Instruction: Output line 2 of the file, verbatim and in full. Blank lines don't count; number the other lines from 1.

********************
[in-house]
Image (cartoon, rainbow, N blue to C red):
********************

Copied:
Image (cartoon, rainbow, N blue to C red):